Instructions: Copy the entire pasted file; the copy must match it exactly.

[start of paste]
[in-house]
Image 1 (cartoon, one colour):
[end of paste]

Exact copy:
[in-house]
Image 1 (cartoon, one colour):